Casualty Bingo

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Last night there was no Casualty, on account of a silly song competition. Instead of weeping I used my time profitably to develop the following Casualty-themed bingo game. Next time you are bored of a Saturday evening, (and I’m pretty sure the concept will translate equally well for Tuesday night viewings of Holby City), you and your fellow viewers can select ten of your favourite BBC medical drama-themed cliches and see whose ten appear first in the episode your watching. You’re very welcome.

 

  1. Doctor saying U’s and E’s in an authoritative voice.
  2. A new character appearing as a witness to an accident at the start of an episode then, fifty minutes later, finding themselves employed as a nurse/doctor/receptionist/paramedic.
  3. Patient attempting to discharge him or herself against the better judgment of the medical staff.
  4. Patient who discharges him or herself against the better judgment of the medical staff collapsing in the car park less than five minutes later.
  5. New F1 proven to be completely inept within ten minutes of hitting the ward.
  6. Maverick young doctor conducting a dangerous procedure without the knowledge of his or her superior.
  7. Superior of maverick young doctor who conducts dangerous procedure without permission, initially becoming irate, then quickly admitting that the maverick young doctor was right all along.
  8. Patient developing a tension pneumo-thorax/blood clot/seizure about 35 minutes into an episode because the condition was originally missed by the medical staff who forgot to do a blood pressure check/ultrasound/x-ray.
  9. Doctor/nurse/receptionist/paramedic who are quite happily employed at the beginning of an episode and yet, by the episode’s end, have acquired a new job/life goal, left Holby and enjoyed a fabulous leaving party in the pub across the car park.
  10. Patient who is reasonably pregnant but hasn’t seemed to notice until she arrives in the emergency room with a nosebleed/sprained ankle/nasty dose of concussion.
  11. Surgeon with a hand tremor which he/she attempts to hide for as long as possible.
  12. Emergency tracheotomy performed with a biro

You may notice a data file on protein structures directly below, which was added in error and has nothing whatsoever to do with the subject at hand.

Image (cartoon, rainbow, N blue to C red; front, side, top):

13. Episode opening with a potentially lethal scenario, (speeding cars, amateur firework display, knife juggling), only to find the injuries focused upon are of a completely unrelated nature, (paper cut, heart attack, lethal brain tumour).
  14. Appearance of Northern Irish character who turns out to be a wife-beater/alcoholic/terrorist.
  15. Charlie Fairhead raising both hands to the heavens in a gesture which can be interpreted as anger, frustration, bafflement and overwhelming happiness, (sometimes simultaneously).
  16. Doctor being vomited upon, usually whilst wearing a particularly smart outfit because they have an important interview later in the episode.
  17. Episode which begins with a scene of unspecified horror and then flashes back to ten hours earlier, explaining the day’s happenings backwards. (Often accompanied by “arty” camera work).
  18. Paramedics liberating the ambulance for their own mercy mission.
  19. Pets on the ward. (Subsection pets being operated on as if they are actually patients).
  20. Patient attempting to jump or fall from the roof.
  21. Nursing staff misplacing a child on the ward. Child then being placated with a chocolate bar from the vending machine
  22. Patient passing out in the toilets thus necessitating the kicking in of a door.
  23. Staff member with a drink/drug habit. Best indicated by the slamming of locker doors, angrily at inopportune moments.
  24. Family with marital problems at the start of an episode, experiencing complete reconciliation by the end of the episode.
  25. Patient with-holding some key aspect of their illness, (e.g. heroin addiction, pregnancy or shellfish allergy).
  26. Staff or patients being held hostage by a psychopath, usually in the basement.
  27. Seemingly sackable offences (e.g. killing patients with the wrong medication, having affairs with patients or attempting to forcibly trephine a patient with a household drill), forgotten about after two to three episodes.
  28. Patient shocked back into the land of the living after all but one, (atypically maverick young doctor), refuses to give up on him or her.
  29. Open fracture. Most commonly leg based, more interestingly arm.
  30. Actor previously seen on Hollyoaks introduced as new staff member.

Bonus point for:

  • Holby City cast member appearing in Casualty or vice versa.

Double Bonus Points for:

  • Holby at Casualty or Casualty at Holby episodes complete with mash up of both theme tunes. (Code name: “The Evolutionary Pinnacle of the BBC”)
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